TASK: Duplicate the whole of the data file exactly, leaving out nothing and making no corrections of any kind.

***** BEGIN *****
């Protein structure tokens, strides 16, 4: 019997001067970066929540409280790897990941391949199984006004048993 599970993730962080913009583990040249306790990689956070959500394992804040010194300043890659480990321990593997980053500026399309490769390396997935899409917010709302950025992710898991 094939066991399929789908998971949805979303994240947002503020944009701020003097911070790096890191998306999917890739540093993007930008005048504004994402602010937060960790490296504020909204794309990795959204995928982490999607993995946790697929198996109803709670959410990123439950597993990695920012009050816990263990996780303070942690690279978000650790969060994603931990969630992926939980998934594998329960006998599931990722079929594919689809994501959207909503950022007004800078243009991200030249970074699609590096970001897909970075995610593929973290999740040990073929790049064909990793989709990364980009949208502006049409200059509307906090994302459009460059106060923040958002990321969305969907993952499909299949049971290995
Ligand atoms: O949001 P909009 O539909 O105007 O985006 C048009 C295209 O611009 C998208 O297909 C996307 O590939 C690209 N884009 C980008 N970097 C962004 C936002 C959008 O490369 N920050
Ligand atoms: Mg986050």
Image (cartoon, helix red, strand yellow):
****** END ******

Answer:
């Protein structure tokens, strides 16, 4: 019997001067970066929540409280790897990941391949199984006004048993 599970993730962080913009583990040249306790990689956070959500394992804040010194300043890659480990321990593997980053500026399309490769390396997935899409917010709302950025992710898991 094939066991399929789908998971949805979303994240947002503020944009701020003097911070790096890191998306999917890739540093993007930008005048504004994402602010937060960790490296504020909204794309990795959204995928982490999607993995946790697929198996109803709670959410990123439950597993990695920012009050816990263990996780303070942690690279978000650790969060994603931990969630992926939980998934594998329960006998599931990722079929594919689809994501959207909503950022007004800078243009991200030249970074699609590096970001897909970075995610593929973290999740040990073929790049064909990793989709990364980009949208502006049409200059509307906090994302459009460059106060923040958002990321969305969907993952499909299949049971290995
Ligand atoms: O949001 P909009 O539909 O105007 O985006 C048009 C295209 O611009 C998208 O297909 C996307 O590939 C690209 N884009 C980008 N970097 C962004 C936002 C959008 O490369 N920050
Ligand atoms: Mg986050």
Image (cartoon, helix red, strand yellow):